By Kaylee Brewster
Film and television tend to repeat themselves.
If they do it enough these tropes and devices get their own special name that audiences can use to identity what is happening in a scene.
Here are some tropes and terms for the next time you are watching a movie or show and need to give that device a name.
Pratt fall or Pratfall
Definition: Staged trip or fall often exaggerated for comedic effect. It usually concludes with people landing on their rear ends.
Origins: Named after an archaic word for the buttocks (prat), the use and term dates back to circus clowns and vaudeville theater.
Examples: Any time someone slips on a banana peel.
Definition: A heroic look or stance where the character lands with feet and one fist on the ground, while the other hand is the air (thus, the term three-point landing as three points make contact with the ground).
Origins: The origins of the term are hard to track with possible beginnings in comic books, anime film or even sports. However, the term is most associated with superheroes. It became commonplace after “Deadpool” where the title character comments on three-point landings as being extra superheroic. Bonus points are given to characters that manage to crack the ground upon landing.
Examples: Just about every superhero movie.
Kubrick Stare (sometimes referred to as the Kubrick Glare)
Definition: A haunting stare when someone has their head tilted down, while looking up towards the eyebrows.
Origin: Named after film director Stanley Kubrick who used the camera angle in many of his films. It has been called the “heavy-browed look of insanity.” Film critic Roger Ebert thought it was used because it was an interesting way for Kubrick to film the human face.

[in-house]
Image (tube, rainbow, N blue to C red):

Examples: “The Shining,” “Full Metal Jacket,” “A Clockwork Orange,” “2001: A Space Odyssey.”
Definition: A character is given an item and told it will provide special abilities, then the item is lost and it is revealed the character had that ability the whole time and the item was just a placebo.
Origin: The phrase seems to originate from Disney’s 1941 “Dumbo” when Timothy Q. Mouse gives a crow’s feather to Dumbo telling him it will give him the ability to fly. The trope is especially common in children’s movies, giving characters confidence to accomplish heroic feats.
Examples: “Dumbo,” “Kung Fu Panda,” “Space Jam.”
Walk and talk
Definition: A technique used in film and television where characters have a conversation as they are walking. It is used to show how busy characters are, smooth out transitions from one location to another, and eliminate static scenes of people sitting and talking.
Origin: The device was used in the ’80s, but writer Aaron Sorkin made it famous in “The West Wing.” The trope has been parodied by Sorkin himself in his other work and in his appearance on “30 Rock.”
Examples: “The West Wing,” “Law and Order,” “E.R.”
Definition: A sudden change in an image or event sequence used in horror movies to get a quick reaction from the audience.
Origin: The term itself comes from causing the audience to jump in their seats. The first modern use of the jump scare was in 1976’s “Carrie.” However, its use became more common in the ’80s with slasher films. Filmmakers can overuse the device and audiences have become somewhat immune, causing the jump scare to become more of a cheap trick rather than a real horror thrill.
Examples: “Alien,” “The Thing,” “It Follows,” “The Ring.”
Definition: Realizing a logical fallacy in a film or TV show long after you finished watching.
Origin: Alfred Hitchcock coined the term when discussing how Madeline in “Vertigo” impossibly disappears from a hotel. He said it’s an icebox scene that doesn’t fully hit you until you’ve gone home and started pulling the chicken out of the icebox. This has also inspired the terms Fridge Brilliance, realizing some detail of a movie or TV show that adds a new clever layer to the story; and Fridge Horror, realizing that a detail of a story has other terrifying implications you didn’t think of before.
Examples: Any time after a movie you’ve thought, “Wait, what about …”